Eugene Istomin

From Bvio.com

Eugene George Istomin (November 26, 1925 - October 10, 2003) was an American pianist born in New York City. He was famous for his work in the trio, with Isaac Stern and Leonard Rose, known as the Istomin-Stern-Rose Trio, with whom he made many recordings, and particularly of music by Beethoven, Brahms and Schubert. He also played with them in orchestral music, with conductors such as Eugene Ormandy, Bruno Walter and also as a soloist.

His earliest public performances were from age 6 with his mother, and at 12 he entered the Curtis Institute. He studied under Rudolf Serkin and also Mieczyslaw Horzowski.

In 1943 he won the Leventritt award, and also the Philhadelphia Youth Award. He made his debuts with the Philadelphia Orchestra with Eugene Ormandy, playing a concerto by Chopin, and the New York Philharmonic conducted by Artur Rodzinski playing Brahms 2nd concerto in the same week in 1943.

He won a Grammy Award in 1970 with the trio, for their recordings of Beethoven.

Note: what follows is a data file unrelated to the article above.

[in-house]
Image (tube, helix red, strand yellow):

He married [[Marta Monta�ez]] (Marta Casals Istomin), the widow of Pablo Casals, on February 15, 1975. She is the president of the Manhattan School of Music, and formerly she was an artistic director of the Kennedy Center for the Performing Arts in Washington, D.C. He moved to Washington in 1980.

In the 1980s and 1990s he gave recital tours in which he toured 30 American cities with his own pianos and piano tuner.

Several composers, including Henri Dutilleux, Roger Sessions, and Ned Rorem wrote music for him.

He received the French Legion d'Honneur in 2001.

He died of liver cancer in 2003 at his home in Washington.

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